‘We’re going back to Washington’: Rev. Al Sharpton announces march in DC set for Aug. 28

While delivering remarks at the Minneapolis memorial service for George Floyd Thursday, Rev. Al Sharpton announced that on Aug. 28, “We’re going back to Washington.”

Speaking directly to Martin Luther King III, who was present at Floyd’s memorial, Sharpton said, “That’s where your father stood in the shadow of the Lincoln Memorial and said ‘I have a dream.’ Well, we’re going back this August 28 to restore and recommit that dream, to stand up.”

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Sharpton continued by saying, “Just like at one era, we had to fight slavery, another era we had to fight Jim Crow, another era we dealt with voting rights, this is the era to deal with policing and criminal justice.”

“We need to go back to Washington and stand up, black, white, Latino, Arab, in the shadow of Lincoln and tell them, ‘This is the time to stop this,’” Sharpton said, drawing applause from the crowd.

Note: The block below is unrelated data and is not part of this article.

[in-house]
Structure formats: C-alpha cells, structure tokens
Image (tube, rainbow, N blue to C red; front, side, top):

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Held in 1963, the March on Washington was a turning point in the Civil Rights Movement, where more than 200,000 people gathered at the Lincoln Memorial to protest inequalities experienced by African Americans, according to History.com

Sharpton was among the civil rights leaders advocating for justice and police reform during the memorial of George Floyd, an unarmed black man who died after Derek Chauvin, a Minneapolis police officer, knelt on his neck for an extended period of time. 

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Chauvin now faces murder charges and three of his fellow officers have been charged with aiding and abetting in Floyd’s death, ruled a homicide.

Protests, ranging from peaceful to violent, have sprung up in major cities across the country and the world in the wake of Floyd’s death. Some city and state leaders have implemented curfews and requested National Guard assistance to curtail potential violence.

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The protests have also evoked strong reactions from political leaders. President Donald Trump condemned the violent actions of protesters and previously hinted at using the Insurrection Act to deploy the military to help quell violence. Former U.S. President Barack Obama spoke on the protests on Wednesday, urging for police reform at the local level to help bring about effective change.